How to Earn Home Economics on Homeschool Transcripts

Here’s how to earn Home Economics on homeschool transcripts.

How to Earn Home Economics on Homeschool Transcripts

How to Earn Home Economics on Homeschool Transcripts

There are some hilarious videos on social media these days showing millennials who don’t know how to fry an egg or iron a shirt. We don’t want our homeschool high schoolers to fall into the trap of GREAT education and LOUSY life preparation.

Some of the most important life skills can be summed up in a good old-fashioned Home Economics course.

Here’s how to earn Home Economics on Homeschool Transcripts.

*Home Economics is an elective course. Record it on the transcript after the core courses (Language Arts, Math, Science, Social Studies, World Languages).

*Use Carnegie unit hour-logging to show credit earned. This means that your teen will need to keep a log sheet and record the number of hours spent on learning new skills. Here is a post to help explain how to do this.

  • The number of hours needed to earn a credit varies from state to state. Some states require 120 hours per credit, many require 180. If you aim for 180 hours of learning, then you will be sure to be covered.

*Only record skills being learned and then practiced once. (In other words, don’t count cooking spaghetti if your high schooler has been making that for years.)

*Aim for a well-rounded, life-preparation experience.

*Create a syllabus to keep you and your teens on track.

*Farm out things you hate to do.Is there someone in co-op or at church who can teach skills (maybe barter some babysitting)?

*Here are areas to cover in Home Economics:

Food and Nutrition

  • Healthy meal planning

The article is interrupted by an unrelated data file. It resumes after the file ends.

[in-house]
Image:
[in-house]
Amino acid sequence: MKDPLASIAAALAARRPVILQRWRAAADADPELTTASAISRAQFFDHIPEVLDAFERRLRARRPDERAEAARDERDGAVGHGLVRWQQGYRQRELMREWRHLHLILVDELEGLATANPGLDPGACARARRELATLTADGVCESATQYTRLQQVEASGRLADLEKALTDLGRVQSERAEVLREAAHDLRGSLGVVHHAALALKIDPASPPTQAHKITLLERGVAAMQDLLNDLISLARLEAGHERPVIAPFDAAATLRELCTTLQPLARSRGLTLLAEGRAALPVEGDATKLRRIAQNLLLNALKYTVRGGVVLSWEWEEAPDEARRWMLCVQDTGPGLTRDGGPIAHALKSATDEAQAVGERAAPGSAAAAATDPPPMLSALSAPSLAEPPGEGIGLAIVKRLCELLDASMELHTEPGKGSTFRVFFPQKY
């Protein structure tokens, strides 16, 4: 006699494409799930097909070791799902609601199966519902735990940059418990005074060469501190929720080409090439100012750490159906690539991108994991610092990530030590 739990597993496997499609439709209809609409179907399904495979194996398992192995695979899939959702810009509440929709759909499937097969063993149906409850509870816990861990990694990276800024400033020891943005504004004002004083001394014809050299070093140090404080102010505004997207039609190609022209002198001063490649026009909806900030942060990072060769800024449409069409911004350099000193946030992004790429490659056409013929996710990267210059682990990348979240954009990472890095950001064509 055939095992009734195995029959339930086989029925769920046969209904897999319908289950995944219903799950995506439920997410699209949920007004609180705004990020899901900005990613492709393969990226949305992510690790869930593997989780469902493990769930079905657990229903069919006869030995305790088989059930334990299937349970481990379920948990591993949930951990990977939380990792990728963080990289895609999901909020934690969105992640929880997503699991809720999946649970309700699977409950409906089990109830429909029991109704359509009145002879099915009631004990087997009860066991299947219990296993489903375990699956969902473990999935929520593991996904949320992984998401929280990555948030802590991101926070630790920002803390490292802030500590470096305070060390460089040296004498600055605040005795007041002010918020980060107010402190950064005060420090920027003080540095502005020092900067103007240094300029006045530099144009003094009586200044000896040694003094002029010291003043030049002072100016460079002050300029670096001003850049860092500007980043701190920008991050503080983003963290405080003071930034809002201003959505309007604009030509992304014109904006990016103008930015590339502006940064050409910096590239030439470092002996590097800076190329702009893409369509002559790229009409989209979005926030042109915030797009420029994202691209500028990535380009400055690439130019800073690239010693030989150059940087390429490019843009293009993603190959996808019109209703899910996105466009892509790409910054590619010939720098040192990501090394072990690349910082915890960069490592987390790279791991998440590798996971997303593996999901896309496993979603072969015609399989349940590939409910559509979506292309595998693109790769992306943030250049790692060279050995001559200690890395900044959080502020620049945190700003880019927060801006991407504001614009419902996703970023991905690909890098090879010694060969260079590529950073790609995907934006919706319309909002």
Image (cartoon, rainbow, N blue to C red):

• Cooking and baking skills
  • Sanitary cleanup

Entertaining guests

  • Planning for an event
    • Food
    • Utensils
  • Basic social skills for greeting and conversation
  • Setting tables
  • Arranging living areas/decorating for guests
  • Allowing guests to help cleanup, or not
  • RSVPs

Necessary house cleaning

  • Kitchen organization and chores
  • Bedroom organization and chores
  • Living area organization and chores
  • Bathroom organization and chores
    • How to use a plunger
  • External organization and chores

Laundry and clothing maintenance

  • Basic laundry skills
  • Ironing skills
  • When to go to dry cleaners
  • Clothing repairs
  • Seasonal change-overs

Financial chores

financial literacy
Click image for full image.

Interior design and decorating

  • Working with a budget
  • Basics of aesthetics

How to be a good neighbor

  • Interacting with neighbors
  • Setting boundaries when necessary
  • Community involvement

How to be a good family member

  • Family rights and responsibilities
  • Basic communication skills

Car maintenance

  • What should you check and how
  • How often does your car need maintenance?
  • Where to go for maintenance
  • Checking tire pressure/adding air
  • Changing a tire


  • How to answer a phone
  • Human Development
    Click image for full description.

    Business communications

    • Complaint calls or emails
    • Contacting your politicians

Basic home repair/maintenance and safety checks

  • How to check the fuse box/circuit breakers
  • checking batteries in smoke detectors
  • cleaning lint trap in dryer
  • how to find a chimney sweep if you have a fire place
  • replace air filter in furnace

Some people include childrearing in their Home Economics courses.

It would be our suggestion that those courses need their own credits to do them justice. Here are our courses on childrearing.

Human Development

Early Childhood Education

Early Childhood education
Click image for full description.

What else would you add to a good Home Economics credit?

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How to Earn Home Economics on Homeschool Transcripts

Vicki Tillman

Blogger, curriculum developer at, counselor, life and career coach, SYMBIS guide, speaker, prayer person. 20+year veteran homeschool mom.

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